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Code sample: BigShelf with RIA/JS

Last modified on December 14, 2011 17:36
As of the August 2011 drop of RIA/JS, this walkthrough is now obsolete. jquery.array.js and jquery.datalink.js are no longer included in RIA/JS.

"BigShelf" is an example of an HTML application with a rich, JavaScript client. DevForce on the server provides the data. jQuery and RIA/JS provide the JavaScript framework that handles data binding and client-side access to the DevForce data. This version of "BigShelf" is an adaptation of the "WCF Support for jQuery" sample

This DevForce sample and the original "WCF Support for jQuery" source on which it is based are exploratory projects.  They rely on unsupported Microsoft CTPs and practices that have yet to prove themselves in real world applications. We think it merits your time and interest but we advise against using this code or the included libraries in production applications at this time.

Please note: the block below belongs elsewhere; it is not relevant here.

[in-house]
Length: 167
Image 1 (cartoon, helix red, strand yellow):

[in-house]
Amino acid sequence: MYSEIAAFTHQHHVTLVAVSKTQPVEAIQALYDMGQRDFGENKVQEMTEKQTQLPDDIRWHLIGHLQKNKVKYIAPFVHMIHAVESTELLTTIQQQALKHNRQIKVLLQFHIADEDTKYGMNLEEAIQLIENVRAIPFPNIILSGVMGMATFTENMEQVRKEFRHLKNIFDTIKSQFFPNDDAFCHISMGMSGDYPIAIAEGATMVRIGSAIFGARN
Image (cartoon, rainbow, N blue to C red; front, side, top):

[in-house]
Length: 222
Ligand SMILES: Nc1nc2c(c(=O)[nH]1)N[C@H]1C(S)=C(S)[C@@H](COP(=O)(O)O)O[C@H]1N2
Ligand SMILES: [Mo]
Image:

BigShelf: a RIA/JS client sample

Most DevForce developers build applications in Silverlight, WPF, or Windows Forms client technologies. Some developers want to extend their applications to HTML clients running in browsers or on mobile hardware ... platforms that are not receptive to .NET technologies.  They realize they'll have to develop in HTML and JavaScript. Each wonders

  • can I re-use my DevForce-based assets?
  • can I still build a responsive user experience with substantial client-side execution? 
  • can I write and maintain the code in a familiar entity-oriented, MVVM style with data binding and validation?

"BigShelf" shows that you can. It is far from a definitive answer. It exploits emerging techniques that are unproven ... and many of the dependent technologies have not even been released. But it is suggestive, provocative, and hopeful.

The DevForce version of "BigShelf" described in this topic is an adaptation of the original "BigShelf" sample produced by the Microsoft WCF RIA Services team which is responsible for the RIA/JS libraries. The original is thoroughly explained in the "walkthrough". That "walkthrough is absolutely essential reading and all credit for both the sample and for the RIA/JS libraries belongs to the RIA Services team.